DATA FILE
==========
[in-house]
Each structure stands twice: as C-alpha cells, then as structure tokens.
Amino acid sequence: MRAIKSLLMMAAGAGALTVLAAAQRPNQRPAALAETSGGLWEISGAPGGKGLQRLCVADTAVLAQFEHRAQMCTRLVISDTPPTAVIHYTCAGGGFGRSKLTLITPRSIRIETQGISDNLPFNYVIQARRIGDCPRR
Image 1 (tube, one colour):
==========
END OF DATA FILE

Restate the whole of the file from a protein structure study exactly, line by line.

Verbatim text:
[in-house]
Each structure stands twice: as C-alpha cells, then as structure tokens.
Amino acid sequence: MRAIKSLLMMAAGAGALTVLAAAQRPNQRPAALAETSGGLWEISGAPGGKGLQRLCVADTAVLAQFEHRAQMCTRLVISDTPPTAVIHYTCAGGGFGRSKLTLITPRSIRIETQGISDNLPFNYVIQARRIGDCPRR
Image 1 (tube, one colour):